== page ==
in town for free camps
via @cjzero, obviously
I can't. I just... I can't. Thank you, Northwestern, for being Northwestern.
Consider this an open thread to celebrate(!) a victory(!!) featuring multiple touchdowns!!!
(Shhhhhhh, don't ruin it by mentioning the multiple overtimes part.)
A moment comes when you first start listening to minimalist music—for some people it comes quickly, for some people it never clicks at all—when your perception of time changes. As a musician famously described his first exposure to a Philip Glass opera; his initial boredom was transformed as...
I began to perceive...a whole world where change happens so slowly and carefully that each new harmony or rhythmic addition or subtraction seemed monumental...
...he said as the rhythmic woodblock...no, it's Adams not Glass...the woodblock crack of the pulling Stanford guard's pads as he thumped the Oregon SAM out of the hole play after play after play after...
NO! I will NOT spend my Thursday evening in an altered state of consciousness. So I started using the media timeouts, and then the time between plays (well, at least when Stanford had the ball, which thankfully was just about always) to work on a project I'd started a few days earlier during the Gameboy diaries, pulling participation reports for all 125 FBS teams and pulling roster/bio information to get the classes of their starters on the o-line.
And some of you people think huddles serve no purpose.
Honestly, the Horse Wasn't Dead When I Started
The results are here, usefully tabled in a spreadsheet to save some work for the next sap that starts on one of these projects.
Of course, as I sat down at my computer to do some regression analysis on the data I opened the blog and saw Gandalf's diary covering most of what I was planning to do (and doing a better job of it I might add). But I was taking a slightly different tack and found a couple of wrinkles, so for the sake of the eight of you that are still interested I'll continue on....
First a couple of comments about the dataset (feel free to skip the rest of this section, but it might be important if anyone uses the data for further analysis). Gandalf took his data from depth charts at the ourlads.com scouting site; mine come from the starting lineup listed in each school's participation report in the official game stats for their most recent game against FBS competition (sometimes coaches play with their lineup for games they're treating as exhibitions, give a start to a loyal walk-on for example, so if the most recent game was against a Delaware State I pulled the lineup for the week prior).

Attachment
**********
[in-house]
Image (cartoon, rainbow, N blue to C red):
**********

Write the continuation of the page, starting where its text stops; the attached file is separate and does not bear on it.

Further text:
The official reports have the virtue, or defect, of being precise accounts of who was on the field. Sometimes that was a problem because everyone doesn't actually use five offensive linemen all the time. Idaho started a game with four, presumably spreading the field with covered, ineligible tight ends and wide receivers. Somebody else came out heavy and listed six. There were also some schools that simply listed their linemen as “OL” without assigning specific positions.
Where possible I straightened those situations out by using the schools' published depth charts. When that didn't work either I looked at third-party depth charts and did my best to reconcile them with the actual starters. It's possible there are a couple of players out of position here, but I don't think it's material.
For teams, usually pistol teams, that flop their line, I assumed the tight end would line up to the right and assigned the quick tackle and guard to the left side and the strong tackle and guard to the right.
For obvious reasons, service academies don't redshirt players. If an academy lineman's bio showed a year in which he didn't see game action, I counted that year as a redshirt and subtracted the year from his class. The point after all was to look at experience, not remaining eligibility.
Additive and Multiplicative Measures of Experience
My starting point was two proposals in the Gameboy diaries. Gameboy himself proposed assigning a value to each player (one point for each year, half a point for a redshirt) and adding them (well, averaging them, which of course is the same thing but for scale). That average appears in the spreadsheet as the GLEM (Gameboy Line Experience Metric).